Do Terrorist Attacks Feed Populist Eurosceptics? Evidence from Two Comparative Quasi-Experiments

Larsen, Erik Gahner, Cutts, David, Goodwin, Matthew J. (2019) Do Terrorist Attacks Feed Populist Eurosceptics? Evidence from Two Comparative Quasi-Experiments. European Journal of Political Research, . E-ISSN 1475-6765. (doi:10.1111/1475-6765.12342) (Access to this publication is currently restricted. You may be able to access a copy if URLs are provided)

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Abstract

Over the recent years, Europe has experienced a series of Islamic terrorist attacks. We derive conflicting theoretical expectations on whether such attacks increase populist Euroscepticism in the form of anti-immigration, anti-refugee and anti-EU sentiment. Empirically, we exploit plausible exogenous variation in the exposure to the 2016 Berlin attack in two nationally representative surveys covering multiple European countries. We find no evidence for a populist response to the terrorist attack in any of the surveyed countries. On the contrary, people in Germany became more positive towards the EU in the wake of the Berlin attack. Moreover, we find little evidence that ideology shaped the response to the attack. Our findings suggest that terrorist attacks are not met by an immediate public populist response.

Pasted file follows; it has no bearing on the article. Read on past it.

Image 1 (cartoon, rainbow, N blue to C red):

Item Type: Article
DOI/Identification number: 10.1111/1475-6765.12342
Uncontrolled keywords: public opinion, populism, terrorism, Europe
Divisions: Faculties > Social Sciences > School of Politics and International Relations
Depositing User: Erik Larsen
Date Deposited: 17 Mar 2019 13:57 UTC
Last Modified: 27 Jun 2019 10:29 UTC
Resource URI: https://kar.kent.ac.uk/id/eprint/73040 (The current URI for this page, for reference purposes)
Larsen, Erik Gahner: https://orcid.org/0000-0003-3579-8457
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